The second argument raised in Point II asserts that Plaintiff's RESPA claim should be dismissed because "Plaintiff's inquiry to [Defendant] did not meet the requirements for a [qualified written request]" (Defendant's Memo at 8) (alterations added). Citing to 12 U.S.C. §2605(e)(1)(B), which sets forth the statutory definition of a "qualified written request, " Defendant argues that Plaintiff's letter did not constitute a qualified written request because it failed to "identify any reasons for his belief that his account was in error, did not provide sufficient detail regarding most of the information sought, and requested numerous documents and substantial information unrelated to the servicing of his loan." (Defendant's Memo at 8). In addition, Defendant argues that while it did not respond to Plaintiff's May 17, 2010, letter, BANA responded to an identical letter from Plaintiff, dated April 19, 2010. In support of this argument, Defendant cites to two exhibits to the Joseph Affidavit: a letter from Plaintiff to BANA, dated April 19, 2010 (Joseph Affidavit, Ex. A) and a letter dated July 14, 2010, which was sent to Plaintiff by a law firm purporting to represent BAC, a subsidiary of BANA, and which purports to respond to Plaintiff's April 19, 2010, letter (Joseph Affidavit, Ex. B).

The third argument raised in Point II asserts that Plaintiff's first cause of action fails "to allege any damages that were proximately caused by [Defendant's] alleged violation of RESPA" (Defendant's Memo at 9) (alterations added). Defendant notes that the Complaint contains only a "conclusory statement that [Plaintiff] is entitled to damages" ( id. (brackets added)), and argues that this conclusory statement is insufficient to state a claim.

Like Point II, Point III of Defendant's Memo advances three arguments. Two of these relate to the Complaint's second cause of action, which alleges that Defendant violated a provision of TILA, codified as 15 U.S.C. § 1641(g), by failing to notify Plaintiff that his mortgage had been assigned to Defendant. The first argument raised in Point III asserts that Defendant was not required to provide notice of the assignment to Plaintiff because § 1641(g) did not become effective until May 19, 2009-more than a year after Plaintiff's mortgage was assigned to Defendant. The third argument asserts that Plaintiff's TILA claim is time-barred by the one-year statute of limitations set forth in 15 U.S.C. § 1640(e).[2]

Point IV of Defendant's Memo advances two arguments relating to the Complaint's third cause of action. First, Point IV notes that the third cause of action "merely recites the statutory elements without supporting factual allegations of any kind" ( id., at 12). Defendant argues that these conclusory allegations violate the notice pleading requirements of Rule 8(a) of the Federal Rules of Civil Procedure. Second, Point IV notes that, to the extent Plaintiff's FDCPA claims arise from the 2008 assignment of Plaintiff's mortgage or the Defendant's commencement of foreclosure proceedings, those claims are barred by the one-year statute of limitations applicable to FDCPA claims.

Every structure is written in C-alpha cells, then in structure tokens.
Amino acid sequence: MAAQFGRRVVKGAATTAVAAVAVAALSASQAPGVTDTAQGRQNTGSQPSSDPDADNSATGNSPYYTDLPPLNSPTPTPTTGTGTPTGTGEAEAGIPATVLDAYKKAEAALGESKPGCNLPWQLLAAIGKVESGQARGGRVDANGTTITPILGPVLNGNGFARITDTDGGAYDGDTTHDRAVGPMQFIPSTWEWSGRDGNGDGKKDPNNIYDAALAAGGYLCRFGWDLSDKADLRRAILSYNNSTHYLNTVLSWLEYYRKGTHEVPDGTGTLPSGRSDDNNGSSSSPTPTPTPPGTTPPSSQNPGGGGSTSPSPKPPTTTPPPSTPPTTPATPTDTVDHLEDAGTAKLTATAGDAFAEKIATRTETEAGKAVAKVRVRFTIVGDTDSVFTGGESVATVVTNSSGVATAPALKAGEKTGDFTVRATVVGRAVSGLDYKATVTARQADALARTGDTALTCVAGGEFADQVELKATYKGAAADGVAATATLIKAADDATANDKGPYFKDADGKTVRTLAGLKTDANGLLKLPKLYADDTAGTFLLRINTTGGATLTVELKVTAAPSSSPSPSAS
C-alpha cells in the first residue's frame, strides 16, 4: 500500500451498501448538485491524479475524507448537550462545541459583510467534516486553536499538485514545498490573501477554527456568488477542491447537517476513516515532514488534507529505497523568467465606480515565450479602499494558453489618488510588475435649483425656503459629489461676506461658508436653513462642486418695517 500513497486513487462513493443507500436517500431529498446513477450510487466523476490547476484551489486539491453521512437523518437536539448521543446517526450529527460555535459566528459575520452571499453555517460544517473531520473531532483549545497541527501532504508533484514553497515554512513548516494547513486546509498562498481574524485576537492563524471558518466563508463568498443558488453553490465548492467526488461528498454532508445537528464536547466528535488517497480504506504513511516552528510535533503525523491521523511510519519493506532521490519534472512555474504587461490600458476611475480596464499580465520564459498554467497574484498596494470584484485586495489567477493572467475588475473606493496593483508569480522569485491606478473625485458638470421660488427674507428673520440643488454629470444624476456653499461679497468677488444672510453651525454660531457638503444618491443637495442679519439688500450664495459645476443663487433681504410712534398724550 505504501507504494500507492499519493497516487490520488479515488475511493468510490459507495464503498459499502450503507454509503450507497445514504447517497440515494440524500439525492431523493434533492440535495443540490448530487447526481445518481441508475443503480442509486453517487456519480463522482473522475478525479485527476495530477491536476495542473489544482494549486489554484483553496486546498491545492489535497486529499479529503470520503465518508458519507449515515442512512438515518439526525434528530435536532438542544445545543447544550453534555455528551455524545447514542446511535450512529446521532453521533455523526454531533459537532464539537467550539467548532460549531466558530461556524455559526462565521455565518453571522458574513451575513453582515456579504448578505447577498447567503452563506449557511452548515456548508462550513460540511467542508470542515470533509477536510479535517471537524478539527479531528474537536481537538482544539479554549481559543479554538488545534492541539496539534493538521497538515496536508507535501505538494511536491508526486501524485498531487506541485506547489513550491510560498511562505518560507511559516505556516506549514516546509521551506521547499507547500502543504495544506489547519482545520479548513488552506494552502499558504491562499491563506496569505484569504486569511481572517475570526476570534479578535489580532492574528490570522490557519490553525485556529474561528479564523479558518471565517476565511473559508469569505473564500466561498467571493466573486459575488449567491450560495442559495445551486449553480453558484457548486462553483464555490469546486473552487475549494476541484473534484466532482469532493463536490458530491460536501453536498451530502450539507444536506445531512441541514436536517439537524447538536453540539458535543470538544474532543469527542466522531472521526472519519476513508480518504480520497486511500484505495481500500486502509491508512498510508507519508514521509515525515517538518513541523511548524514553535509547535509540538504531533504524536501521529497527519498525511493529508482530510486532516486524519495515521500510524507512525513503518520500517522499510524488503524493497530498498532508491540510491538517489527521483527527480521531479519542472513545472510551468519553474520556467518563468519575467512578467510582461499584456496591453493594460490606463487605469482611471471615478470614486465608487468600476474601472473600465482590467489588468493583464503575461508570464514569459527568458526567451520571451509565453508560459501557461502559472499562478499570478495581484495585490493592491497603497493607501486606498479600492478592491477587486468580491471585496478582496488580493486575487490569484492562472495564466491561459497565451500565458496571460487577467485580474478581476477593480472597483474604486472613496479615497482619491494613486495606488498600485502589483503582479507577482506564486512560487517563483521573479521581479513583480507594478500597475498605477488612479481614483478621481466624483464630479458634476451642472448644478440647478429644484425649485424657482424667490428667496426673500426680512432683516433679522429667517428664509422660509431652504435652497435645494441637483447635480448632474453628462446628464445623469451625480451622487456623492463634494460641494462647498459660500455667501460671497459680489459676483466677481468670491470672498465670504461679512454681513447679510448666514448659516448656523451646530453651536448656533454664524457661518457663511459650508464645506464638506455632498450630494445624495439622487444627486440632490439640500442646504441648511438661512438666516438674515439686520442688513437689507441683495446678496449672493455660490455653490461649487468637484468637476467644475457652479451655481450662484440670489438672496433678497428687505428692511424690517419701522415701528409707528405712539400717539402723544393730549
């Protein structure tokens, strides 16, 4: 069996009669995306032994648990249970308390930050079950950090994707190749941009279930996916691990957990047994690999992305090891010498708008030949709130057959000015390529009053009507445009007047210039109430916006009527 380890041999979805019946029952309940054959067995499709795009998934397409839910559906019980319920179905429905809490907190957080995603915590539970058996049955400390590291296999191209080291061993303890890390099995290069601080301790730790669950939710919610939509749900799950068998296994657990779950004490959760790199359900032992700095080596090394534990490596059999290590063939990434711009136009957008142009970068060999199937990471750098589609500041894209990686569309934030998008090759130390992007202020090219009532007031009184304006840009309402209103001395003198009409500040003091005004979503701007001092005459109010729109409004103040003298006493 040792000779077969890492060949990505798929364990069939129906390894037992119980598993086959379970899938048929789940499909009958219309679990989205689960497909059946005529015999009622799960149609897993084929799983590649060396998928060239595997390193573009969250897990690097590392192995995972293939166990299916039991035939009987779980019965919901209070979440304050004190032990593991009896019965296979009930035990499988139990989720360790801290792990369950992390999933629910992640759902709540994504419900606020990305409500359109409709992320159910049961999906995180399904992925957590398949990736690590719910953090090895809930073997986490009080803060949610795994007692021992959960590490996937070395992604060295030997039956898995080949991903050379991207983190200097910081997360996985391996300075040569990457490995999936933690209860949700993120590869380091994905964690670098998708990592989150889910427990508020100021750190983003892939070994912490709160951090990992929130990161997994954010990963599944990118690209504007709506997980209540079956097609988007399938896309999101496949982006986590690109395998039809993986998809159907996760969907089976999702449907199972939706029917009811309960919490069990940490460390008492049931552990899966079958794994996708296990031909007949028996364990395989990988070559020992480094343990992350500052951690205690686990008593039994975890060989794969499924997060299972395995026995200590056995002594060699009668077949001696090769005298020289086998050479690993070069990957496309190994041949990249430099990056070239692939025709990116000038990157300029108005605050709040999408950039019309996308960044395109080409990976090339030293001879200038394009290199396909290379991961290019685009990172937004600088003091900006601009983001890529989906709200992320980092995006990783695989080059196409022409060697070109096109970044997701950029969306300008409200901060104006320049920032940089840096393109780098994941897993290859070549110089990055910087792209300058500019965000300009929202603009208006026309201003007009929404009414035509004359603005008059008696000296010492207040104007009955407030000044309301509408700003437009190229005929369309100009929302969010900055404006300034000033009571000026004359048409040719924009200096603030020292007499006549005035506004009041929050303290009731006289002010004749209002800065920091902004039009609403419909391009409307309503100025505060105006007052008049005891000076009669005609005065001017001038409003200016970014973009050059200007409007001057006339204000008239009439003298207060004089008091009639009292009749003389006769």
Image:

Plaintiff's Opposition Papers

In opposition to Defendant's motion, Plaintiff has filed a 16-page brief entitled, "Response to Defendant's Motion to Dismiss" ("Plaintiff's Response"). Attached to Plaintiff's Response are four exhibits: the summons and complaint in the state-court foreclosure action; a Pooling and Servicing Agreement dated as of September 1, 2006 (the "PSA"), through which Plaintiff's mortgage was assigned to Defendant; the Assignment of Mortgage dated April 14, 2008; and a law review article which purports to deconstruct securitized trusts. Two of these documents were provided to the Court as exhibits to Defendants' moving papers. The summons and complaint was submitted as Exhibit B to the Coleman Declaration and the Assignment of Mortgage constituted Exhibit A to the Mitchell Affidavit.

Plaintiff's Response does not specifically address any of the arguments set forth in Point II of Defendant's Memo. Plaintiff does not dispute Defendant's evidence that BANA, not Defendant, is the servicer of Plaintiff's loan, or argue that Plaintiff's written inquiry to Defendant constituted a qualified written request. In addition, Plaintiff does not identify any damages that were proximately caused by Defendant's alleged violation of RESPA, or controvert Defendant's claim that BANA and BAC timely responded to a written inquiry which was identical to the one sent to Defendant.

Plaintiff's Response also fails to controvert the first of the three arguments contained in Point III of Defendant's Memo, in that it does not contest Defendant's claim that 15 U.S.C. §1641(g) did not become effective until May 19, 2009. In addition, Plaintiff's Response does not contest Defendant's claim that a one-year statute of limitations applies to the TILA claim. However, Plaintiff's Response alleges that the one-year statute of limitations should be equitably tolled because "Defendants [ sic ] actively concealed the complete truth from Plaintiff with the intent of defrauding Plaintiff" (Plaintiff's Response, p. 13).[3]

With respect to Point IV, Plaintiff's Response does not contest Defendant's argument that Plaintiff's conclusory FDCPA allegations fail to satisfy the notice pleading requirements of Rule 8(a). Rather, Plaintiff's Response attempts to explain the factual basis for some of Plaintiff's FDCPA claims. First, Plaintiff characterizes his May 2010 letter to Defendant as a debt validation letter, as well as a qualified written request, and alleges that Defendant's failure to respond to that letter violated 15 U.S.C. 1692g. Second, implying that Defendant had no right to collect money owed under the note or to foreclose on the mortgage, Plaintiff claims that Defendant violated 15 U.S.C. § 1692(e)(2) and (f) by misrepresenting the character, amount, and legal status of the alleged debt and violated 15 U.S.C. § 1692(e)(5) by threatening to take action against Plaintiff that could not legally be taken.